This just in:
Virtual fungus is the new threat to computers
Scientists confirmed the existence of a new type of virtual plague, which is neither a virus nor a Trojan Horse. U. S. Computer Science researchers are calling their discovery a “computer fungus”. The lead researcher is Antonio de Marco, associate professor at West California University.
Just like fungi and mold, which attack photos and cassette tapes from past century, the virtual fungus degrades image, sound, and video files stored on computers. “The problem occurs even with backup files that are rarely accessed”, says de Marco. Scientists found out an average quality loss of about 7% a year for JPEG images, 15% a year for TIFF images and 4% a year for MP3 files. Other infected files are QuickTime videos, followed by AVI files, with 9% a year.
Arjun Radhakrishnan, Ph.D. in Applied Computer Science at Stanford, explains that this virtual fungus has not yet been detected because its effects are gradual and insidious. “The typical PC user never thinks about this, because performance loss of the operating system itself is trivial”. According to him, people consider it understandable that pirated music from Napster in 2000 sounds a little bit degraded with time, as well as porn images downloaded from the web get smaller and fuzzy. Photoshop files are opened with unexplainable wrong colors, get dark and fade. Movies open in progressively tinier windows. Even texts may deteriorate, having their accented characters mixed up.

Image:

These would be some symptoms of the digital fungus. The effects are visible when comparing a digital photo to its printed copy from when it was brand new. “There was a progressive degradation of almost all these materials, and many may not resist until the next decade”, says Radhakrishnan.
Transmission of the disease does not appear to be caused by hackers. Environmental factors may be involved. Houses with more than one computer also have more chances. Using cell phones or having plasma TVs and air conditioning may also be risk factors.
While there is no commercial software solution to it, the researchers recommend making daily backups of your files and keeping them on older and durable medias, like CD-R or floppy disks; transcribe ripped videos from DVD to VHS; send all photos to a lab to be printed on paper. “This is the only way to ensure longevity of your digital data”, points out de Marco.
Update: original text was translated from Portuguese by Julio Cesar Silva Santos (firstname.lastname@example.org), at first I thought it was a group effort. Thanks Julio!